In the latest work by Robert Pretlow and Suzette Glasner, “Reconceptualization of eating addiction and obesity as displacement behavior and a possible treatment,” the authors define displacement behavior as…
[… ] a biobehavioral mechanism that allows an animal to deal with situations that cannot readily be faced nor avoided, or that are thwarting.
The reason for talking about this is that it may explain compulsive overeating, sometimes referred to as eating addiction. Dr. Pretlow and his co-author go on to describe the behavior as irrepressible, and elaborate on its cause:
It is thought to be due to rechanneling of overflow brain energy to another drive (e.g., feeding drive) when two drives, e.g., fight or flight, equally oppose each other. Moving the opposing drives out of equilibrium, by resolving the person’s underlying problems/stressful situations, theoretically should mitigate the displacement mechanism and addictive overeating.
It is interesting to look back at previous concepts of displacement behavior and other ideas that have been associated with it. Pioneer ethologist Niko Tinbergen considered the example of two herring gulls both considering the same piece of real estate for their nesting grounds. The supposition here is that each bird has an equal desire to attack the rival, and to run away. Then, one of them starts picking at the grass — or maybe both. A later author explained,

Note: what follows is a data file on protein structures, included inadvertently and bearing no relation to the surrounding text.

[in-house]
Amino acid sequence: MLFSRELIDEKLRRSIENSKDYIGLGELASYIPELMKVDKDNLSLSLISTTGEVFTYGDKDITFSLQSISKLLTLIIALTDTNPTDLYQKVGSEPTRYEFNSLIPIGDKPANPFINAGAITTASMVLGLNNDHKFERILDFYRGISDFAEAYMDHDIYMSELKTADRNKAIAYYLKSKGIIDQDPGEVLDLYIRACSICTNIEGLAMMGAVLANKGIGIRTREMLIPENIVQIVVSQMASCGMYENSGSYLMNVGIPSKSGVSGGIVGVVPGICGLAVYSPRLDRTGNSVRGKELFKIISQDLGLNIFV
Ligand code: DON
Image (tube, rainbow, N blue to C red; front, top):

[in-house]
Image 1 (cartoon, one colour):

Tinbergen found that this was really part of the pattern of nest-building; and it appeared that when the drive to defend the nesting territory was frustrated by an opposing drive, part of the pent-up “energy” splashed over, so to speak, in isolated actions which were part of the sequence normally expressing quite a different drive, that of building the nest.
On the other hand, building a nest is more closely related to scouting out a good nest location, than it is to anything else, so to describe it as “quite a different drive” seems not quite accurate. And yet, so many in the field insist that displacement activity is, by definition, irrelevant, inconsequential, inappropriate, and out-of-context — just random energy dissipation, without significance. Pet specialist Amy Martin throws this light on it:
Observing a single action, behavior, or posture is not enough information to accurately interpret an animal’s behavior. A displacement activity might indicate eustress, distress, and/or fear… or not.
What the scientist is describing are displacement behaviors. These behaviors are allowing the gulls to avoid conflict. They are a form of clear communication within their species, and the behaviors work for the gulls. Our companion animals are doing this all the time with us, and others at home, but we fail to recognize it.
Your responses and feedback are welcome!
Source: “Reconceptualization of eating addiction and obesity as displacement behavior and a possible treatment,” LinkSpringer.com, 06/22/22
Source: “Doin’ the Displacement,” ConsciousCompanion2012.com/August 2015
Image by Michael Clarke Stuff/CC BY-SA 2.0